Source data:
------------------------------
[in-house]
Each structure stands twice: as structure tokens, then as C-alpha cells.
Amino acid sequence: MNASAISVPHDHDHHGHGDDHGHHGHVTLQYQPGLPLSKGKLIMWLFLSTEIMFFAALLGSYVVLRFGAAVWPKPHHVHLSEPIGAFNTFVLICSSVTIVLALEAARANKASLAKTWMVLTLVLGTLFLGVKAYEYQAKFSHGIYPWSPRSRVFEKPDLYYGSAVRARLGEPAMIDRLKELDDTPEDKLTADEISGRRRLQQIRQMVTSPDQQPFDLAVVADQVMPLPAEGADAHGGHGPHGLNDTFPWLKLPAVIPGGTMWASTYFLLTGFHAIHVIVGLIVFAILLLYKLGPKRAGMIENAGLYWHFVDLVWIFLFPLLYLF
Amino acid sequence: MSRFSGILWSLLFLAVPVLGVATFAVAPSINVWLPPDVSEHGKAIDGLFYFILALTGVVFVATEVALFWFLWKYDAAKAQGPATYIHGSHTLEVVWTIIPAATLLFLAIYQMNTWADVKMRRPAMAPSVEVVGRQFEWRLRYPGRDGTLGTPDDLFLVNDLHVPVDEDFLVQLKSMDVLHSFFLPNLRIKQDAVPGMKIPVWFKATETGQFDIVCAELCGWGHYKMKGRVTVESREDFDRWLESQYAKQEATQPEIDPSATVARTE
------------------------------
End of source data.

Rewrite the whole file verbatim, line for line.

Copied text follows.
[in-house]
Each structure stands twice: as structure tokens, then as C-alpha cells.
Amino acid sequence: MNASAISVPHDHDHHGHGDDHGHHGHVTLQYQPGLPLSKGKLIMWLFLSTEIMFFAALLGSYVVLRFGAAVWPKPHHVHLSEPIGAFNTFVLICSSVTIVLALEAARANKASLAKTWMVLTLVLGTLFLGVKAYEYQAKFSHGIYPWSPRSRVFEKPDLYYGSAVRARLGEPAMIDRLKELDDTPEDKLTADEISGRRRLQQIRQMVTSPDQQPFDLAVVADQVMPLPAEGADAHGGHGPHGLNDTFPWLKLPAVIPGGTMWASTYFLLTGFHAIHVIVGLIVFAILLLYKLGPKRAGMIENAGLYWHFVDLVWIFLFPLLYLF
Amino acid sequence: MSRFSGILWSLLFLAVPVLGVATFAVAPSINVWLPPDVSEHGKAIDGLFYFILALTGVVFVATEVALFWFLWKYDAAKAQGPATYIHGSHTLEVVWTIIPAATLLFLAIYQMNTWADVKMRRPAMAPSVEVVGRQFEWRLRYPGRDGTLGTPDDLFLVNDLHVPVDEDFLVQLKSMDVLHSFFLPNLRIKQDAVPGMKIPVWFKATETGQFDIVCAELCGWGHYKMKGRVTVESREDFDRWLESQYAKQEATQPEIDPSATVARTE